Standards vary in residential children's homes. Access to such homes is important. The new clause is also relevant to detention centres, although here I am casting the net a bit wider. There are not many detention centres in Wales--I know of only one--and it worries many of us that young people are often miles from their homes, culturally removed and in an alien environment that their parents are unable to visit. That issue--which is currently dealt with under non-devolved regulations--underlines the need in Wales for more facilities of that kind that the Children's Commissioner could examine. The children's ombudspeople in the rest of Europe are empowered to monitor and report on anything affecting children's human rights. Such human rights will be at the forefront of the commissioner's examination of cases that come before him.
The Government have made it clear that the commissioner would not necessarily need the power to enter institutions, and that inspectorates already have the right of access. We debated that issue earlier. However, experience has demonstrated that the greatest risk to children exists in the small number of cases in which the parties are obstructive. The Children's Commissioner would not be involved in the work of such inspectorates, except in the case of an alleged failure.
The Children's Commissioner should have the express power to visit, and have access to, institutions such as residential children's homes, and to obtain information from foster parents--an issue that has not been discussed a great deal--as well as to require bodies or persons to provide information. I should be grateful if the Minister would address those points, because they lie at the crux of the new clause. The jury is out on whether he will be able to convince us.
The new clause is important, because the Children's Commissioner should have the specific power of access to institutions, both public and private, in which children are cared for. The issue of the care standards inspectorate has been raised in Committee and in the House. We accept that the inspector's role, as part of a separate agency, is to inspect services for looked-after children, and that the commissioner should not duplicate that role. However, the commissioner should have a specific role in relation to failures of the inspection service.
One of the lessons that we have learned from all the tragedies in Wales and throughout the UK is that children are not always listened to, and that the inspection systems can fail. That is why it is so important that the Children's Commissioner should have the right of access in cases where the inspection system may have failed.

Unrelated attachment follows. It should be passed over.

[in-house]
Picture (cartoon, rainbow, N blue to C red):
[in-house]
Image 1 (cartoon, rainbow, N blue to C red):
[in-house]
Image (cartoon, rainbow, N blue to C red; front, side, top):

I accept what the Minister said in his letter about the refusal of admittance to any establishment being short-sighted and quite unlikely to happen. However, there have been major scandals in the care system. People who sexually abuse often target the care system and try to get jobs that provide access to vulnerable children. We must do everything in our power to prevent that from happening. Although most institutions are very caring places, we know that there is a network of abusers who target the care system. Granting the commissioner the right of access would help in the process of opening up the care system to scrutiny. It would also make a difference to the behaviour of some of the very dangerous people who sometimes get into the system.
The Minister said in his letter that the statutory right to physical access was, by its nature, an invasive power that should be granted only when absolutely necessary. In many cases, the institutions in question would be children's homes, so we should be careful about giving people the power to enter them. However, in view of all the problems that have arisen, an invasive power--as the Minister described it--is necessary. It would not be used willy-nilly. The commissioner will work strategically and would not demand entry to children's homes as a matter of course. The new clause gives the commissioner more teeth and sends a clear signal that we will not tolerate any more abuse in children's homes in Wales. That is an important step towards safeguarding all our children in Wales.